The third level, from July, is a 3D World level about walljumps.  Appropriately, I titled it Walljump Land.  As the name suggests, this level is all about jumping from wall to wall.  Specifically, this level is about walljumps in narrow vertical shafts.  This is all about quickly jumping back and forth between two sides of a vertical path, avoiding spikes along the walls by jumping to the other side as necessary.  The level only took me about a minute and a half to clear so by my levels’ standards it’s on the shorter side, but it’s a fairly intense stage due to how I mix up the jumps.  I change the distances between safe spots on the walls frequently through the level, and have a section late with timed switching block walls as well.  It’s fun stuff, but I found it difficulty. I eventually decided that it was too hard, so I caved and added powerups to the level; I’m not good enough to do this without them, or with only one at the start or such.   I am sure anyone else playing it will also appreciate the powerups.  At the bottom and middle of the subworld I even put in pipes giving out infinite powerups, if you want to drop back down to get a powerup again. As a result, the level is a good challenge but not TOO hard.  I think this is a good level, and there are a few bits which show off why 3D World is unique, including a section where you have to spin jump for extra height; I know this is only my second 3D World level, but I love the 3D World style!  I think this level works well and hopefully is fun.  The level code for Walljump Land is WDC-7N2-0SG.  Oh, yes, this is another level of mine with no regular enemies.  You certainly can die though, it’s filled with spikes to avoid with your wall jumps.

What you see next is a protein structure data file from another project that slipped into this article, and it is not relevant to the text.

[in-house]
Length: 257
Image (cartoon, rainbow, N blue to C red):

After that aforementioned break, I came back to Mario Maker 2 recently and over the last few days made a new level.  It is the seventh level in the super world numbered levels series, and is titled 2-3 – Ocean Crossing.  This level finally adapts the seventh level of that childhood game concept of mine to Mario Maker.  This one was always going to be the hardest level to make, because the level concept and map are not nearly as polished as levels 1 to 4 are since I didn’t redo it later as I did with those stages.  Additionally, the basic concept of this level is something that you can’t do in Mario Maker 2, so I basically had to make a new level with few connections to my original idea apart from the basic concept of “you’re crossing over water while avoiding obstacles and fighting enemies”.  The original idea was that your characters would be in little boats, perhaps a bit like the Ninja Turtles in Turtles in Time with their little hoverboards in the Neon Night Riders bonus level, fighting against enemies in their own boats and jumping over rocks and whirlpools that would get in your way.  Well, you can’t do a whirlpool in Mario Maker really, there are no water currents in this game.  The original Super Mario Bros. in 1985 has water currents, but this game does not!  It’s one of the things they really should have put in at some point, but never did.  Unfortunate.  You also can’t make little boats that track the player.  However, I can make a level vaguely thematically similar, as there is a level theme with a water surface available at least, the Forest theme, so I can make SOMETHING set on top of the water.  It just won’t be the level I imagined.  This level is the least like its source material of all seven so far, and I’m sure level 8 will not be this different either.  And yeah, I don’t like that; while I do think I made an interesting level, I kind of want to try again sometime at making something more like the original concept, though I have no idea how, with Mario Maker 2’s limitations, you would reproduce it.